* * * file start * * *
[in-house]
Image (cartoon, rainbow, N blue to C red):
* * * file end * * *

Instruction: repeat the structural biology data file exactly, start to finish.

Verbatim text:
[in-house]
Image (cartoon, rainbow, N blue to C red):